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  • Oral presentation
  • Open Access

Feature selection in Enose applications

  • 1, 2,
  • 2,
  • 3,
  • 4,
  • 4,
  • 4 and
  • 2
Flavour20143 (Suppl 1) :O15

https://doi.org/10.1186/2044-7248-3-S1-O15

  • Published:

Keywords

  • Public Health
  • Physical Chemistry
  • Classification System
  • Feature Selection
  • Research Area

In my presentation I will summarise results for feature selection from a number of Enose applications ranging from general chemical classification and breath analysis with metal-oxide based Enoses to work scoping the use of biological receptors, in particular receptors of the fruit fly Drosophila, for applications in wine making and explosives detection. The common thread in all applications is the availability of high-dimensional data which is often noisy and in all of its details not necessarily very information rich for any particular application. The challenge for building useful classification systems is to define, extract and select the most "informative" features from the high-dimensional data. I will give an overview over our work using exhaustive "wrapper" approaches and a brief comparison to information-theory based methods. I will conclude by highlighting the most pertinent open questions encountered in this research area.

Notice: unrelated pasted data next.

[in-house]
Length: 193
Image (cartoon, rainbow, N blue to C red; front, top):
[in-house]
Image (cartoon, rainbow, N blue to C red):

Authors’ Affiliations

(1)
CCNR, School of Engineering and Informatics, University of Sussex, Brighton BN1 9QJ, Falmer, UK
(2)
CSIRO Ecosystem Sciences and Food Futures Flagship, GPO Box 1700 Canberra,, ACT 2601,, Australia
(3)
School of Engineering and Materials Science, Queen Mary University of London, London E1 4NS, UK
(4)
CSIRO Information and Communications Technologies Centre, PO Box 76,, 1710 Epping, NSW, Australia

Copyright

© Nowotny et al; licensee BioMed Central Ltd. 2014

This article is published under license to BioMed Central Ltd. This is an Open Access article distributed under the terms of the Creative Commons Attribution License (http://creativecommons.org/licenses/by/2.0), which permits unrestricted use, distribution, and reproduction in any medium, provided the original work is properly cited. The Creative Commons Public Domain Dedication waiver (http://creativecommons.org/publicdomain/zero/1.0/) applies to the data made available in this article, unless otherwise stated.

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